The political fact-checker for the Sacramento Bee can’t get his facts right when critiquing an ad campaign against Senator Darrell Steinberg, who is running for mayor of the state capital.
Ryan Lillis, who writes for the Bee’s PoliGRAPH feature to determine the truth or falsity of political ads, says that a mailing attacking Steinberg is “misleading” and “false.” Yet he can’t even get the name of a state agency right.
Here’s Lillis’ “analysis” of the ad: “The ad cites Senate Bill 25 as its evidence of Steinberg stripping voting rights of farmworkers. The bill was authored by Steinberg and vetoed by Gov. Jerry Brown in 2014. The bill was supported by unions, including the United Farm Workers, who have blasted the ad’s message.”
So in Lillis’ view, because the UFW supported the Steinberg legislation and blasted the ad’s message, Steinberg must be pro-voting rights for farmworkers. (By that logic, because Governor Brown vetoed the Steinberg bill, Brown must be anti-farmworker.)
But wait – there’s more:
“SB 25 would have allowed the state’s Agriculture Labor Relations Board to implement farm labor contracts secured through mandatory mediation even if employers appealed. Farmers who opposed the bill argued that it would have limited workers’ ability to vote on contracts before they were imposed, but the bill was not crafted to impact voting rights,” Lillis wrote.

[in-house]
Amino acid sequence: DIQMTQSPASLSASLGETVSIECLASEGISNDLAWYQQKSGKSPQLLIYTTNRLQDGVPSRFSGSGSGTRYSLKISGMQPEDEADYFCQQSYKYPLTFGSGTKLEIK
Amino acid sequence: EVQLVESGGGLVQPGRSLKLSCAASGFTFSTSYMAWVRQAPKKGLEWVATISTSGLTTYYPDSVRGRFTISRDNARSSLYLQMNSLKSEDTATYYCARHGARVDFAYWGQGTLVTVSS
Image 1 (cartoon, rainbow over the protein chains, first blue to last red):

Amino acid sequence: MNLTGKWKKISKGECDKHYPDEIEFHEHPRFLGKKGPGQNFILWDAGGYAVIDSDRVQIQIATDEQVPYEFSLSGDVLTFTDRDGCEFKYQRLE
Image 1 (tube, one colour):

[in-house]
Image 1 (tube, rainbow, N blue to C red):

Let’s ignore for the moment that:
- the Sacramento Bee‘s fact-checker got the name of the state agency wrong. It’s “Agricultural Labor Relations Board,” not “Agriculture.” And:
- the Sacramento Bee‘s fact-checker didn’t even bother to quote from the SB 25 legislation.
Fact: SB 25 was indeed written to weaken farmworker voting rights to decertify UFW
The fact is, that the bill WAS crafted to impact voting rights, because it was designed to limit farmworkers’ ability to de-certify the UFW. That’s why the UFW supported SB 25. And it’s one of the reasons why Governor Brown vetoed the Steinberg bill, because it would have gutted the state Agricultural Labor Relations Act (ALRA) of 1975 – the law that created the ALRB – by effectively disallowing workers from voting to de-certify a union that they believe does not serve them.
Here’s one of the vote-killing sections of SB 25: “If a petition is filed, the board shall issue an order confirming the mediator’s report and order it into immediate effect, unless it finds that the report is subject to review for any of the grounds specified in subdivision (a), in which case the board shall determine the issues and shall issue a final order of the board.”
That deliberately garbled language means dismissal of worker votes by fiat.
Shame on the Sacramento Bee for such sloppy, unprofessional – and perhaps even dishonest – reporting.